If you’re looking for a great day-trip while visiting Victoria, BC, consider a drive up the beautiful Malahat Drive to the city of Duncan, BC.
The city is about 50 kilometres from both Victoria to the south and Nanaimo to the north.
Although the City of Duncan has a population of just under 5000, it serves the Cowichan Valley which has a population of approximately 80,000, many of whom live in North Cowichan contiguous with Duncan. This gives Duncan a much larger “greater” population than that contained within the city limits.
Beautiful flower baskets, Canada’s largest collection of outdoor totems, and tree lined streets are just part of the experience in Duncan. Downtown Duncan has over 300 unique, vibrant, eclectic shops and services, including works from our many local artisans including over 40 beautifully carved totems scattered all around the City. See a map of where to find them here: Totem Tour Walk
Duncan is located on the traditional lands of the Cowichan First Nation on Vancouver Island. By 1858, Vancouver Island was British-controlled but it was in danger of being lost to the Americans due to the influx of people seeking their fortune in the Gold Rush. In order to encourage settlement, land could be acquired cheaply through preemption.
It was originally called “Alderlea”, a name given to the area by William Chalmers Duncan, whose farm shared the same name. Duncan became the official name when the city was incorporated in 1912, but the post office didn’t change the name from “Duncan’s Station” until 1926.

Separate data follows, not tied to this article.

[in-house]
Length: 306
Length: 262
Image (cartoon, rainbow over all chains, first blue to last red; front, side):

Duncan has a large First Nations community and is the traditional home of the Cowichan Tribes, who are the largest band among the Coast Salish people. The Coast Salish men and women of the Cowichan Tribes are makers of the world-famous Cowichan Sweaters.
Duncan is home to the BC Forest Discovery Centre. Before the Canada–United States softwood lumber dispute, Duncan and the whole Cowichan Valley were a thriving lumber centre in British Columbia.
Duncan has the world’s largest ice hockey stick, officially recognised by Guinness World Records on July 14, 2008, which is on display on the side of the local arena – formerly known as the Cowichan Community Centre. The stick was made specifically for Expo 86 in Vancouver, and purchased by Duncan at the end of the event.
So, take a drive up to Duncan for a great day trip … or make it one of the stops on a trail of great towns and tourist attractions … all a short distance from Victoria.